Imagine, for instance, that you have a perfect U-shaped valley high in the mountains (and they have a lot of these). You string the strongest steel cable you can find between the two highest points on either side of said valley. Then you hang another cable from the middle. From the bottom of that cable you hang a six-foot long flat bit of metal with a hovercraft engine at the back and a pair of handlebars on the front, to control the angle of the engine. You lie face down on the bit of metal, strap yourself in and start the engine. Then you get them to winch you up the side of the valley, let go and before you can say "Ohhh shit" you're in a 500 foot high version of the toy-plane-on-a string that you may remember from your youth. They call it fly-by-wire and once you get the hang of the steering (rather like a Harley Davidson), it is jolly good fun. Provided, of course, that you don't get vertigo, and you manage to forget that only a thin steel cable saves you from becoming a brightly coloured splot on the pristine landscape below.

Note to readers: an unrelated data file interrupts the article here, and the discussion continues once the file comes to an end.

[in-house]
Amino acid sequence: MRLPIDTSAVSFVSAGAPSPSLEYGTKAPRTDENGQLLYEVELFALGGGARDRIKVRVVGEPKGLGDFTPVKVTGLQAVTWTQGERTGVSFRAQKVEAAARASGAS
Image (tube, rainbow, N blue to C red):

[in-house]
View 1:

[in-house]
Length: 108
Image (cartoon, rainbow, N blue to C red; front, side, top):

In and around Queenstown, the mad sports capital of the world, adrenalin is a way of life. On one day we took a four-wheel drive ride up Skippers canyon (an experience in itself -- the single track, unsealed road is carved into a near vertical cliff in places, and normal car insurance simply doesn't cover you on it) to go on the 'Flying Fox'. (Despite flying you face down over a 300 foot drop, this a variation on the bos'n's chair is considered quite 'tame' by Kiwi standards for the above reasons of not getting wet/being in freefall/risking death.)